(Betts, 2010).

Countries differ widely in the way they track students 1 but almost all education

systems in practice feature some kind of tracking. Proponents argue that the creation of

more homogeneous classes increases efficiency by allowing educators to tailor lessons to students’

specific needs. Opponents, on the other hand, fear that misclassification of students is often

rife—especially when students are tracked at an early age—and that tracking aggravates initial


In this paper we exploit a policy reform implemented during the 1970s in one of Germany’s

federal states, Lower Saxony. While most German states continued the tracking of students after

fourth grade, the reform shifted the timing of tracking from grade four to grade six (roughly ages

ten and twelve, respectively). This was achieved between 1972 and 1982 through the introduction

of a new intermediate school, the orientation stage 2 (henceforth, OS). We investigate the effects

of this reform on (1) levels of educational attainment and (2) the intergenerational transmission of

education, what we will refer to as the gradient between parental education and own education. 3

This is done based on difference-in-differences (DD)-estimators that compare changes in levels

and gradients across cohorts and across states.

On average, the reform neither increased years of education nor the likelihood of being eligible

to apply for university nor university graduation.

We find, however, that the reform had a

significant negative effect on the gradient in terms of years of education (which is measured

as the time usually required to obtain the highest degree attained): the gradient in years of

education decreased by about two-thirds to three-fourths of a year. This effect is entirely driven

by males for which the gap in years of education decreased by one to 1.3 years, accounted for

by an increase for males with uneducated parents by 0.3 years and a decrease for males with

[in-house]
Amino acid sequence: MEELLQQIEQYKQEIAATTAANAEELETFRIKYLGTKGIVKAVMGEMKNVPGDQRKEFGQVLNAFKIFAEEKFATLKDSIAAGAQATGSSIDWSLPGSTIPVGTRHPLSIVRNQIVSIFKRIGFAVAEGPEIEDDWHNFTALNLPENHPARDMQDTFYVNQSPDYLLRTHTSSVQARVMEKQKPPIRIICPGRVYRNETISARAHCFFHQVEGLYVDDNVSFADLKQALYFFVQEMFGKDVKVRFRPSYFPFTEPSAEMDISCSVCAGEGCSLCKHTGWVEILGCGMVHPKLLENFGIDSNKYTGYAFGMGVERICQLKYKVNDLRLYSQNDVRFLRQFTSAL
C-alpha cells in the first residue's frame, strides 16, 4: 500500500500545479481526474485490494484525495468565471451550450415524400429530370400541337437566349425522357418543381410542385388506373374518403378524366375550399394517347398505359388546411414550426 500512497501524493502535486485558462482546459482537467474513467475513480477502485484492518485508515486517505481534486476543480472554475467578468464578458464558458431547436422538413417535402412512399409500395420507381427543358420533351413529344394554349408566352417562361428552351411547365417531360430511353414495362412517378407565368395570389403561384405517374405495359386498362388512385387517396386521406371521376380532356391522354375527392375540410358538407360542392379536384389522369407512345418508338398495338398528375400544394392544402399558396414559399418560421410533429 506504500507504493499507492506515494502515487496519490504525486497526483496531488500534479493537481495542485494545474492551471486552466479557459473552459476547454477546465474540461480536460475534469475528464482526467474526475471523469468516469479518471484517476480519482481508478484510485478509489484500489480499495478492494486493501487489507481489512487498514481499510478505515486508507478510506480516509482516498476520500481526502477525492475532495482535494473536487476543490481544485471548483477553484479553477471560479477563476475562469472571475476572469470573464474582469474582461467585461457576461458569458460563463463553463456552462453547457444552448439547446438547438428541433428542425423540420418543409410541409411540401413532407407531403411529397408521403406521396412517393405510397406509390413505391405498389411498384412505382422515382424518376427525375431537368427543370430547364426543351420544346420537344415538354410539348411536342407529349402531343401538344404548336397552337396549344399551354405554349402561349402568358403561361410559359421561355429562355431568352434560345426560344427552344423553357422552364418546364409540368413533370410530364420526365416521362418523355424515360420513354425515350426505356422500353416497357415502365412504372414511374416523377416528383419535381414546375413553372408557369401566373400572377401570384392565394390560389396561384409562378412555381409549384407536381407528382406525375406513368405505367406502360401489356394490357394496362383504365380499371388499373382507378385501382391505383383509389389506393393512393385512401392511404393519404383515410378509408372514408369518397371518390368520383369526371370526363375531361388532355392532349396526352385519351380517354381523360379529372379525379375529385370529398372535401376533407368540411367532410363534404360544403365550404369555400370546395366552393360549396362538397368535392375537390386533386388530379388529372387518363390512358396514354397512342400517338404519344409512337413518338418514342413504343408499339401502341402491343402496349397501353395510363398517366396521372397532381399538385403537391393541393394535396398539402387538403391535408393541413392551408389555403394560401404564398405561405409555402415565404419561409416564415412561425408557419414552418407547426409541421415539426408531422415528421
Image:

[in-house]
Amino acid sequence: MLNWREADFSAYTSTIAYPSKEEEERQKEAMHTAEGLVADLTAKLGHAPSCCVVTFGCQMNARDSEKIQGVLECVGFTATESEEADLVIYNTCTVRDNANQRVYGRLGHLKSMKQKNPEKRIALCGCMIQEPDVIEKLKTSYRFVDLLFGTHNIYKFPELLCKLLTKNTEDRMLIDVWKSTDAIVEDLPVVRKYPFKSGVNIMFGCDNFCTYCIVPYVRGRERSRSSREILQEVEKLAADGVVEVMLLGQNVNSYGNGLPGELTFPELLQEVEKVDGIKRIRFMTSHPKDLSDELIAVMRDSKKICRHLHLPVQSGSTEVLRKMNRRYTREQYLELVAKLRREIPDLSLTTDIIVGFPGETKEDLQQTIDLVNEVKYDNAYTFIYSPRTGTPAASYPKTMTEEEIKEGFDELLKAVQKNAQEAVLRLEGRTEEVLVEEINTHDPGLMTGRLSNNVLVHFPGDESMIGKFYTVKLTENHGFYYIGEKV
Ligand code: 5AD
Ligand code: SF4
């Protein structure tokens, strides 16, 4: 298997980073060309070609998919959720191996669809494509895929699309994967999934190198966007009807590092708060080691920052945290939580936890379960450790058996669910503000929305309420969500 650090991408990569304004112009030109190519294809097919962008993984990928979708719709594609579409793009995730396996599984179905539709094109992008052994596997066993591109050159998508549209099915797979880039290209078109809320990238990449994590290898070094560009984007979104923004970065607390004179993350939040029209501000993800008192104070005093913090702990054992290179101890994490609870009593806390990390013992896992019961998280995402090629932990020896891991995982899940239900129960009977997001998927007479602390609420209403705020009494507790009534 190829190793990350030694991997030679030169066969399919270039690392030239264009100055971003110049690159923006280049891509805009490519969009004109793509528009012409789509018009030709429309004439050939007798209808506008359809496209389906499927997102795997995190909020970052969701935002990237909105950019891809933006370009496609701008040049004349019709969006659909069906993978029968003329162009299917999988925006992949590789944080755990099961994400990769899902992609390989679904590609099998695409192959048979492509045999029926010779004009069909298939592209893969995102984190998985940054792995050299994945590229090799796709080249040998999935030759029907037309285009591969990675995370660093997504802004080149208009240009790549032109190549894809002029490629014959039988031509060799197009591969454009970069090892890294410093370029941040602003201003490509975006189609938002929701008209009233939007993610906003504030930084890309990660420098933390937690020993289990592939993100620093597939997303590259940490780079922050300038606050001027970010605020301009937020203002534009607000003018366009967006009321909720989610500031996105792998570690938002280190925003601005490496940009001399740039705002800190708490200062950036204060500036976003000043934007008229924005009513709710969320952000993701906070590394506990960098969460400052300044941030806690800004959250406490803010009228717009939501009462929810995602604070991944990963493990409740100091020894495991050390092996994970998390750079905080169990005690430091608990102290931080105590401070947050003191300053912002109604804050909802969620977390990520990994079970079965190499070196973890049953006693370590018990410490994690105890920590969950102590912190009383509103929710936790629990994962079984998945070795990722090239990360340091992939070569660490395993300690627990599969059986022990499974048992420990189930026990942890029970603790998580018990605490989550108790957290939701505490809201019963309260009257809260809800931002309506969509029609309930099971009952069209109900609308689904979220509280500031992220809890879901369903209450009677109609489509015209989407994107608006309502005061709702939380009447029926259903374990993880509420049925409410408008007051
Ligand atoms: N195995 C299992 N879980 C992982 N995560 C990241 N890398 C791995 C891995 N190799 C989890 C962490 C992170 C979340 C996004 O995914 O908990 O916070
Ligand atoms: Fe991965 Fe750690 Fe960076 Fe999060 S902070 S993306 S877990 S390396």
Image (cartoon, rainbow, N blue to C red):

educated parents by about one year. We find that the overall effect is driven by both changes in

the composition of males eligible for university and the composition of males that obtain tertiary

degrees but that the former effect is much larger.

We rule out several alternative explanations for our finding by systematically changing the

underlying sample of individuals. Importantly, we show that our results cannot be explained by

systematic differences in levels and trends in pre-primary enrollment, differences in the pace and

timing of Germany’s educational expansion, or changes in family characteristics. Overall, our

finding of a negative effect of the reform on the intergenerational transmission of education is

remarkably robust to a number of tests we conduct.

The German reform we study offers a particularly well-suited setting to study the effects of

tracking: education policies in Germany are to a large extent the responsibility of the states

while the federal government is in charge of most other policy areas that may affect educational

outcomes. Hence, our analysis is unlikely to be subject to confounding trends in unobserved

1 For instance, countries differ in the age at which students are tracked and in whether tracking occurs within

schools (i.e. sorting students into different classrooms as in the United States and Canada) or across schools (i.e.

sending students to different types of schools as in some European countries).

2 In German: Orientierungsstufe.

3 We define the gradient as the gap in educational outcomes between individuals with educated parents and

those with uneducated parents.


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